And there is Jesus reassuring us, “I am the living bread that came down from Heaven. Whoever eats of this bread will live forever.” What a wonderful promise that is! He gave his life in life and in death to bear the offer of life to all that may accept God's choice to love and accept them. Even more astounding is that what Christ has promised has already been granted. The atrocious event of death that threatens and appears to destroy what God has created becomes the servant that swings open the gates to everlasting life. We are citizens of the new kingdom. It remains a mystery to us; but the guarantee is that we will experience fully the splendour and beauty of the new kingdom where we can live and serve in supreme joy without the limitations and temptations of mortal life upon this planet.

As Christians we put our trust in God. We renew our commitment in faith. But we do so in faith knowing that there are no guarantees. How the secular world loves to remind us of that! But perhaps that whole realm of remembering needs to go much deeper for us when we consider mourning. For one of the things that is important to many who have suffered loss through death, is to recount things about the person. To keep the person alive in their memories.

Have you ever recognized someone before they ever entered the room? How does that happen? How do we recognize a friend before we actually see them? Animals, of course, are much more adept at it than we are. Gemma and Meaghie, my two dogs, know the sound of my car in the driveway. They know my footstep. They know the sound of my voice. I think they even sense that I am coming long before I arrive at the house. Our senses are not nearly as keen as those of our pets, but we all have people close to us whom we recognize before they ever enter the room. We know them by their own, unique personal qualities - their little eccentricities, their foibles, their habits. Those unique qualities stay with us even after someone dies.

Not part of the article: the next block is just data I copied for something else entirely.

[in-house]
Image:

And so today we stop and remember. We reflect on the lives of those we love but see no longer. Everyone who lights a candle today has a story about what that person meant to them. In the silences of this service think back to what they mean to you. Think of the things you did together, of what the person taught you about life and about faith. It may be a moment of great joy for you as you look back at the richness of their gift to you. A smile may cross your face as you recall the moment. Or it may be a moment of great sadness. A tear may come to your eye. I hope and pray that whatever the emotion you will remember that you are blessed to have shared in their lives and blessed to have shared in this time of remembrance.

The Second Sunday after Epiphany, Year A

Come and See Readings: Isaiah 49:1-7; Psalm 40:1-11; 1 Corinthians 1:1-9; John 1:29-42 Invitations come in many shapes and sizes. They ...